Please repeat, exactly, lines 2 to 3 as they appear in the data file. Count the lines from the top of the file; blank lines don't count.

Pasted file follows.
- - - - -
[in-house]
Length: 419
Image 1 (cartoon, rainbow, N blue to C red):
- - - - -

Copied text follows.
Length: 419
Image 1 (cartoon, rainbow, N blue to C red):